Here’s a screenshot of Zarch:


Now compare it to Powermonger:


It’s obvious that Zarch sparked Glenn’s interest in terrain generation in general. But now I think it’s clear that Powermonger was Glenn’s attempt to both replicate and improve on Zarch in every way he could. Powermonger even used a particle system almost identical to Zarch’s!

And here I thought I knew everything about the development of these games. That’ll learn me.

Greetings, Fargoalians!

(To my loyal readers: I’ve been kind of keeping a low profile recently because I had something in the works and now I can finally talk about it!)

Hi there! I’m Anthony Salter, and I’m the new developer for Sword of Fargoal 2. I’m incredibly excited to be on this project and if you look around the site you’ll be able to see why – Fargoal is just the kind of game I enjoy.

My first encounter with Fargoal was at a friend’s house back in the…I’m going to say late 80’s. See, I didn’t have a Commodore 64 of my own, so every once in a while I’d go spend the night with my friend Dennis and we would stay up all night playing games on his. That’s where I first encountered Sword of Fargoal, and though I didn’t have long to play it, I enjoyed it – especially the sound effects.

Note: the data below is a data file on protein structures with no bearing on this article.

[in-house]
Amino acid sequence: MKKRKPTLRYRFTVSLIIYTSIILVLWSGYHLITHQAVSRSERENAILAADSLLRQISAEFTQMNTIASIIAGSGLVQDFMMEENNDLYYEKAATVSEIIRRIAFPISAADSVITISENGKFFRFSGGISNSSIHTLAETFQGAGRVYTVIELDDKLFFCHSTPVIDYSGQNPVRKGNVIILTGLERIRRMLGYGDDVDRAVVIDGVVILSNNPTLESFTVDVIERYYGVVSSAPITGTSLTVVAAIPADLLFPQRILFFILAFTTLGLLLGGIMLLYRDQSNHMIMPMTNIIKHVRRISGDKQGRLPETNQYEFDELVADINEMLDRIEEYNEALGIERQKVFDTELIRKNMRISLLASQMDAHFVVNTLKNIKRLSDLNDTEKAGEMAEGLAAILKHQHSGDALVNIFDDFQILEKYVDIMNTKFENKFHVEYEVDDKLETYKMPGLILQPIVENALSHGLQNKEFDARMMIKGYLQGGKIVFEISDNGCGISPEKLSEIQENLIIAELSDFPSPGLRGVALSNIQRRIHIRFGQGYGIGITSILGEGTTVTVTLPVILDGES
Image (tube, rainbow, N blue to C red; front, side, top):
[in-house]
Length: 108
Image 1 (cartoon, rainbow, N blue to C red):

But when you’ve only played a game for two hours 25 years ago it might not stick in your memory so much. So I completely forgot about it…until the CRPG Addict started playing it. His writeup of the game was excellent, and that’s where I found out about the Kickstarter for Sword of Fargoal 2. It had already passed at that point so I couldn’t contribute.

And that’s where things stayed until a few weeks ago, when a friend of mine named Ido Yehieli mentioned that Sword of Fargoal 2 needed a programmer. I’d been wanting to get back into game development so he recommended I email Paul Pridham, the current programmer.

So I did, and I had a perfectly pleasant exchange with him. And eventually he recommended a phone conversation with the project leader, Jeff McCord.

Wait. Jeff McCord. Why did that name sound familiar?

That’s when I realized I was going to be on the phone with the creator of the original Sword of Fargoal. He hadn’t sold the license or farmed the game out; this was his show.

So, after an initial phone interview (in which I may have fanboid just a bit) and a series of follow-up email back-and-forths, here I am.

I think Sword of Fargoal 2 is a great game already and I hope that I can improve and polish it and get it into shape for its initial release. And after that…who knows?

So, that’s the current deal! To any new readers: I’m glad you’re here, and I’d be honored if you stick around. I talk about game development, review games sometimes and run a (semi)-weekly gaming trivia contest called NAME THAT GAME!

Deep Space Settlement

And now on to something else. I found another indie developer who also has a long-standing project she is obsessing over, and from what I’ve seen it looks like it could be really good.